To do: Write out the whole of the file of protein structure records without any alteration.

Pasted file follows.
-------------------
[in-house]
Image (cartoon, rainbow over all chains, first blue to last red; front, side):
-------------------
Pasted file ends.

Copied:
[in-house]
Image (cartoon, rainbow over all chains, first blue to last red; front, side):